Traditionally, my family and I head down to the Washington Mall each Fourth of July to see the spectacular fireworks display that commemorates our nation’s birthday. We pack into the Metro subway system, angle for a patch of lawn on the Mall so we can view the show and then head back to the suburbs, where we have our own neighborhood fireworks display.
This year, in addition to fireworks, we returned home to what I have euphemistically referred to as “waterworks” — the main water supply pipe into our house had burst. To say I had a “sinking” feeling as I headed down to check on the strange noise in the basement would be both an understatement and probably a bit corny. Nevertheless, the flooding had begun, and it was at least another 90 minutes before the county water authority was able to shut off the main source of water to my home.
My family and I learned a great deal over the next few days as we attempted to stay in our home despite the absence of running water. As many have said, you never know how much you’ll miss something until you no longer have it. Given all that many in this nation experienced in the aftermath of disasters such as Hurricanes Katrina and Wilma, I admit to feeling somewhat guilty when I became frustrated over not being able to get a glass of water from the tap or to take a shower. My “misery” was absolutely nothing compared with the devastation that was brought upon so many people by the hurricanes. Yet, I did emerge from the experience so much more thankful for what I have (in this case, water).
Now to this month’s segue. In many ways, a society without the benefit of professional counseling is like a family without water. While the clear liquid stuff nourishes and replenishes the physical body, counseling and the services offered by professional counselors encourage, support and sustain children, adolescents, couples, families and individuals by providing what they need to face the challenges of life.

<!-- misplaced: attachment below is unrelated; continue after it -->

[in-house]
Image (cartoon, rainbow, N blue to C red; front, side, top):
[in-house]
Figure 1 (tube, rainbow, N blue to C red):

Professional counselors, through the work all of you do in the areas of education, community and private practice, career development, rehabilitation and elsewhere, are critical components to the improvement of society. Just as water is not an ancillary substance that people can choose to disregard, I say the same is true of the services provided by today’s professional counselors. Everyone can benefit from the advice, counsel, advocacy and support that you — professional counselors — are trained to provide.
How can we make professional counseling services as essential in many areas of life as water is to the physical health of all living things? OK, I’ll admit that’s a pretty tall order, but suffice it to say that if we don’t keep our eyes on that particular prize, countless numbers of children, adolescents and adults will not have complete, satisfying and meaningful life experiences. As professional counselors, you are specially trained to help individuals overcome the barriers to such obstacles.
I hope you know that the American Counseling Association wants to support you in whatever ways it can as you provide services that are so critical to so many. As water is to physical well-being, the services provided by professional counselors can be an “elixir” that ensures positive mental health and well-being. ACA will continue to work toward providing the best resources, services and programs as you begin and continue along your professional career path. In addition, as you begin to transition from full-time work to less than full time, we want to provide opportunities for you as well. Just consider us your “professional drink of water”!
As always, I hope you will contact me with any comments, questions or suggestions that you might have. Please contact me via e-mail at firstname.lastname@example.org or by phone at 800.347.6647 ext. 231.
Thanks and be well.